## Will covr work with alternative compilers such as ICC

Covr now supports Intel's icc compiler, thanks to work contributed by Qin Wang at Oracle.

Covr is known to work with clang versions 3.5+ and gcc version 4.2+.

If the appropriate gcov version is not on your path you can set the appropriate location with the covr.gcov options. If you set this path to "" it will turn off coverage of compiled code.

options(covr.gcov = "path/to/gcov")


## How does covr work?

covr tracks test coverage by modifying a package's code to add tracking calls to each call.

The vignette vignettes/how_it_works.Rmd contains a detailed explanation of the technique and the rationale behind it.

You can view the vignette from within R using

vignette("how_it_works", package = "covr")


## Why can't covr run during R CMD check

Because covr modifies the package code it is possible there are unknown edge cases where that modification affects the output. In addition when tracking coverage for compiled code covr compiles the package without optimization, which can modify behavior (usually due to package bugs which are masked with higher optimization levels).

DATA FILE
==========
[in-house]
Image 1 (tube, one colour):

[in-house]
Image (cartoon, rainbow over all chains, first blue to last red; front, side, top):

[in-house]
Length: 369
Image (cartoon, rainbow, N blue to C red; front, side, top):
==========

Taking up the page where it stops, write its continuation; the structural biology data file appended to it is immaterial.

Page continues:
# Alternative Coverage Tools

## Functions in covr

 Name Description file_coverage Calculate test coverage for sets of files coveralls Run covr on a package and upload the result to coveralls new_counter initialize a new counter system_check Run a system command and check if it succeeds. system_output Run a system command and capture the output. package_coverage Calculate test coverage for a package file_report A coverage report for a specific file function_coverage Calculate test coverage for a specific function. percent_coverage Provide percent coverage of package count increment a given counter gitlab Run covr on package and create report for GitLab to_cobertura Create a Cobertura XML file tally_coverage Tally coverage by line or expression zero_coverage Provide locations of zero coverage print.coverage Print a coverage object report Display covr results using a standalone report trace_calls trace each call with a srcref attribute value Retrieve the value from an object environment_coverage Calculate coverage of an environment codecov Run covr on a package and upload the result to codecov.io covr-package covr: Test coverage for packages coverage_to_list Convert a coverage dataset to a list clear_counters clear all previous counters exclusions Exclusions display_name Retrieve the path name (filename) for each coverage object code_coverage Calculate coverage of code directly key Generate a key for a call No Results!